Group 67 and group 68 alternately read out a text for the mission: “A time to plant and time to reap. A time to let go and a time to keep….May all our lives be beacons of justice, peace, love and hope. Let it be so. Amen. Inshallah”.

The final prayer and the blessing were led by the local representatives Josef Buholzer, Nora Camri, Loren McGrail, Fr Emmanuel from the Armenian Orthodox Church and Archimandrite Meletuis Basel from the Greek Orthodox Church.

The members of group 67 return home to their countries and continue their work by sharing stories about life in the Holy Land. Group 68 resumes work in the local communities. The work will continue until a just peace has been achieved in Palestine and Israel. The WCC Executive Committee processed in the end of November a plan for just peace in Palestine and Israel 2018-2021.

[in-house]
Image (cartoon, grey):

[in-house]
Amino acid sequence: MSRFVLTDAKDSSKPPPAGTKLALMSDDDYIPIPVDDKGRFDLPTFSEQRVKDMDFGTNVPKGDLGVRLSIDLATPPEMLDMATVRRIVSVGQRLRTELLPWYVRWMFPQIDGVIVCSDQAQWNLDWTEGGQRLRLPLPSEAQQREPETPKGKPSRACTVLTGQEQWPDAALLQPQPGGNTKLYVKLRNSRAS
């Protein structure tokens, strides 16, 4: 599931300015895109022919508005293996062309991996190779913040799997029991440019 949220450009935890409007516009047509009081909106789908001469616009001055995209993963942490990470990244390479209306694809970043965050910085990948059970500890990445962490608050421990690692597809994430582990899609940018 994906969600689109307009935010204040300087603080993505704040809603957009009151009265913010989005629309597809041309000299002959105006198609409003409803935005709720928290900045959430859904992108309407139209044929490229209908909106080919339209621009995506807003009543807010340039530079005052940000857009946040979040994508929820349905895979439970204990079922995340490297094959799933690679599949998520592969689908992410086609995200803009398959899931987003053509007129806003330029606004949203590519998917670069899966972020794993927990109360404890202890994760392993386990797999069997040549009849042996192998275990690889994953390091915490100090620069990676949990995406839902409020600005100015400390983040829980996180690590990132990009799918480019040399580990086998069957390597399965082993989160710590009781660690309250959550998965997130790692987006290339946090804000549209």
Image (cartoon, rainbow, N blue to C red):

It is the fifteenth year of the World Council of Churches’ Ecumenical Accompaniment Programme in Palestine and Israel (WCC-EAPPI). Nearly  1,800 volunteers from more than 30 countries have been posted for three months each to live in local communities and monitor human rights violations. The Ecumenical Accompaniment Programme is led by the World Council of Churches (WCC), on behalf of local churches and together with 120 partners from around the world. The mission element itself is an important part of the task: being sent on a mission by the local churches, the various religious representatives, to act locally as accompaniers. They  live together in various communities. They take part in everyday local life. They worship together. They create a safer life for many people, according to a study conducted in the past year.

The Ecumenical Accompaniment Programme has 120 partners from around the world. These include both Israeli and Palestinian partner organizations at the local level. The local reference group has representatives from three religions – Christianity, Judaism and Islam.

Pilgrimage of Justice and Peace

WCC-EAPPI